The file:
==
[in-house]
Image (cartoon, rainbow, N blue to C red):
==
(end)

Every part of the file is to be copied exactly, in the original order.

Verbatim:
[in-house]
Image (cartoon, rainbow, N blue to C red):